Brownies al cioccolato

brownie1Questi quadrotti cioccolattosi – morbidi all’interno e croccanti all’esterno – sono famosi in tutto il mondo, forse perché oltre a essere un godereccio peccato di gola si conservano senza perdere nulla del loro gusto. Questa ricetta a stelle e strisce è perfetta per la colazione, soprattutto se accompagnata da un bicchiere di latte, ma vista anche la loro semplicità (sia nella preparazione, sia nel servire) sono l’ideale anche per una festa di compleanno e persino da congelare (per averne sempre una scorta d’emergenza).

Ricchi e golosi, questi dolci sono una via di mezzo fra un biscotto e una torta dal cuore morbido; i brownies sono realizzati con cioccolato fondente e noci e la loro preparazione è semplice e veloce: gli amanti del cioccolato sono spacciati, non potranno resistere.

Il loro nome deriva dal colore scuro tipico del dessert (brown, marrone) e non a caso, infatti esiste anche una versione bianca del dolce, chiamata blondies, preparata senza cacao (ma con del cioccolato bianco). Il nome brownie è comparso per la prima volta nel Boston Cooking School CookBook, nel 1986, dove vengono descritti come piccole torte cucinate con la melassa. Esistono varie “leggende” sull’origine di questo dolce: da quella del cuoco sbadato che si dimenticò di mettere il lievito nella torta al cioccolato che stava preparando a quella che ne fissa la nascita in occasione della World’s Columbian Exposition del 1892 al Palmer House Hotel di Chicago, passando per la storia di Bertha Palmer che pare chiese che si inventasse un dessert tale da non sporcare le mani e da poter essere riposto nelle scatole del pranzo.

IMG_3329Qualunque sia l’origine di questa torta-biscotto, di seguito trovate ingredienti e ricetta per prepararli a casa vostra.

INGREDIENTS

  • 185g unsalted butter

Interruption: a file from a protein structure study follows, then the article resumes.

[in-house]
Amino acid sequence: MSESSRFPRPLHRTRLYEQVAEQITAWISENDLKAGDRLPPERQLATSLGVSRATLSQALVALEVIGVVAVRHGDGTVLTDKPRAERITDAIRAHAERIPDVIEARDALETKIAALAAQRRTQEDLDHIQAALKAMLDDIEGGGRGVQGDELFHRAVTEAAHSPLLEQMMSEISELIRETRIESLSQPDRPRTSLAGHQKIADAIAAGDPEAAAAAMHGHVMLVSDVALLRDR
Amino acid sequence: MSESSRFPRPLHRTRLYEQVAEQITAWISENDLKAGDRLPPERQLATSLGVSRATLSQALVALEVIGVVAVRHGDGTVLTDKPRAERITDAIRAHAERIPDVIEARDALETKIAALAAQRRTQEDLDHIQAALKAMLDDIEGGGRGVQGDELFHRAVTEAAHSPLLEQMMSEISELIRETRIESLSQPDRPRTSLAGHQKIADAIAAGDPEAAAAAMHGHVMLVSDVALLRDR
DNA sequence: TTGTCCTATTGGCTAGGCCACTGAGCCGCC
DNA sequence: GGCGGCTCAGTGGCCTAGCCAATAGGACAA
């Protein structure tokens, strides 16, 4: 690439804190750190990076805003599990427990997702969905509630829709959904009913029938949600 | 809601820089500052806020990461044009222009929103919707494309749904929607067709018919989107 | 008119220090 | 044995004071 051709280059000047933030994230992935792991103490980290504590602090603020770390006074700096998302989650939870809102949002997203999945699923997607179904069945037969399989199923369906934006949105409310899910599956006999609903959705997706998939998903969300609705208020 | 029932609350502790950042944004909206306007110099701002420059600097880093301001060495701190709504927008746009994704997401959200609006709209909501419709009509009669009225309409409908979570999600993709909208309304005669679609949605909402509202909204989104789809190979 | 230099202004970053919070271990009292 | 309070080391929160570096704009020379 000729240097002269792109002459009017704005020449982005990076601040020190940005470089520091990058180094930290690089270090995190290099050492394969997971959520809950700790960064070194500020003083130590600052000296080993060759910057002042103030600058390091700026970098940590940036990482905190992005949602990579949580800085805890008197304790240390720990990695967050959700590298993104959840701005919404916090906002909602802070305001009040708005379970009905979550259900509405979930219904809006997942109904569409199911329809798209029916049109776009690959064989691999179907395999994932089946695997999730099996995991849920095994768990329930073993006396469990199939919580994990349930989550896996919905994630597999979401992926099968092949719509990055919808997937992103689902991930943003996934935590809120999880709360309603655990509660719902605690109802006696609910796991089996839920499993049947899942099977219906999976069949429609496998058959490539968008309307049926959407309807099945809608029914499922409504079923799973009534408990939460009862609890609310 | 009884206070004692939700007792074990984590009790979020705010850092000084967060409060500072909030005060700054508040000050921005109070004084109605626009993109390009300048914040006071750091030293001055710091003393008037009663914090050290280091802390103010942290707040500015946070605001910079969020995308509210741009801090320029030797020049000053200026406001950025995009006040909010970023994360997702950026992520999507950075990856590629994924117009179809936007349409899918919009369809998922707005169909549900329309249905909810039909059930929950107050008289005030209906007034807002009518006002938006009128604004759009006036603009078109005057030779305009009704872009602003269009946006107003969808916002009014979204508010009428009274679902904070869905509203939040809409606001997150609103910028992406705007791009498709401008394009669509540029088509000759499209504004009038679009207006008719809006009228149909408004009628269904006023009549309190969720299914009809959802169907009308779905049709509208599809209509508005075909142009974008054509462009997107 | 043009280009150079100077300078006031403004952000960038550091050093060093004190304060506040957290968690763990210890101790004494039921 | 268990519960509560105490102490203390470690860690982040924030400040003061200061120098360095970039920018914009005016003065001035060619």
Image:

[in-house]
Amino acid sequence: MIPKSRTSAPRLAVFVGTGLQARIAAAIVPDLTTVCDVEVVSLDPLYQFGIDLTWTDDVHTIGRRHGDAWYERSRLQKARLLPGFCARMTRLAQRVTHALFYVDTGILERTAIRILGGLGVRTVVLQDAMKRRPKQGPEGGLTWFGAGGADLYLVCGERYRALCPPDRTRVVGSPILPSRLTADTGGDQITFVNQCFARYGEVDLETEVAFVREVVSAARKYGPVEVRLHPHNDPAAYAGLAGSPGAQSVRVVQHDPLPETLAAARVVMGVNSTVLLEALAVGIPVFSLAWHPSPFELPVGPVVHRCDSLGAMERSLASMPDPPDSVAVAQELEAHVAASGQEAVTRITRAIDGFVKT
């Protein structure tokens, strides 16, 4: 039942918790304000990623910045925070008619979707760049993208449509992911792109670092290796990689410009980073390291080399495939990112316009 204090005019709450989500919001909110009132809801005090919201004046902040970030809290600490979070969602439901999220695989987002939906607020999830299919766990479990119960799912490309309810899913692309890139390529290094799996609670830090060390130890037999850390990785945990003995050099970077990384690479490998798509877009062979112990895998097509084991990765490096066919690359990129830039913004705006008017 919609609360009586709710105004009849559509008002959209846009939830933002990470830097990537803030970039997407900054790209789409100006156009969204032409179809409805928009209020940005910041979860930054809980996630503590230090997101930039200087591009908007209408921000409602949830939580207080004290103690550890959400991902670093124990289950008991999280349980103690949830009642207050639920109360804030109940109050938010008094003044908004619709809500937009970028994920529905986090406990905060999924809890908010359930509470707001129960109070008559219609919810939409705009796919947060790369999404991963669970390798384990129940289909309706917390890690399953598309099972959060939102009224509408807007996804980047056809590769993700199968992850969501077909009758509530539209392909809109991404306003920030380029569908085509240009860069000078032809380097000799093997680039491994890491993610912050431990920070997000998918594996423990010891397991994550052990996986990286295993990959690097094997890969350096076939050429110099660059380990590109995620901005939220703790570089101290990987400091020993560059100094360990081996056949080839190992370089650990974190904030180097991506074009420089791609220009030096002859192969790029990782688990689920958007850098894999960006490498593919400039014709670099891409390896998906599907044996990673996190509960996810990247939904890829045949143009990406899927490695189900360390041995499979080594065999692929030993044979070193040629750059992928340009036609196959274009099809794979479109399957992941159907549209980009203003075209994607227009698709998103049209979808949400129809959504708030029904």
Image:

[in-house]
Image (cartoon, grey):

• 185g best dark chocolate
  • 85g plain flour
  • 40g cocoa powder
  • 50g white chocolate
  • 50g milk chocolate
  • 3 large eggs
  • 275g golden caster sugar

METHOD

    1. Cut 185g unsalted butter into smallish cubes and tip into a medium bowl. Break 185g best dark chocolate into small pieces and drop into the bowl. Fill a small saucepan about a quarter full with hot water, then sit the bowl on top so it rests on the rim of the pan, not touching the water. Put over a low heat until the butter and chocolate have melted, stirring occasionally to mix them. Now remove the bowl from the pan. Alternatively, cover the bowl loosely with cling film and put in the microwave for 2 minutes on High. Leave the melted mixture to cool to room temperature.
    2. While you wait for the chocolate to cool, position a shelf in the middle of your oven and turn the oven on to fan 160C/conventional 180C/gas 4 (most ovens take 10-15 minutes to heat up). Using a shallow 20cm square tin, cut out a square of non-stick baking parchment to line the base. Now tip 85g plain flour and 40g cocoa powder into a sieve held over a medium bowl, and tap and shake the sieve so they run through together and you get rid of any lumps.
    3. With a large sharp knife, chop 50g white chocolate and 50g milk chocolate into chunks on a board. The slabs of chocolate will be quite hard, so the safest way to do this is to hold the knife over the chocolate and press the tip down on the board, then bring the rest of the blade down across the chocolate. Keep on doing this, moving the knife across the chocolate to chop it into pieces, then turn the board round 90 degrees and again work across the chocolate so you end up with rough squares.